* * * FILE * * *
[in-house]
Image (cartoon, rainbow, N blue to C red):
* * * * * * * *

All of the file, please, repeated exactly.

[in-house]
Image (cartoon, rainbow, N blue to C red):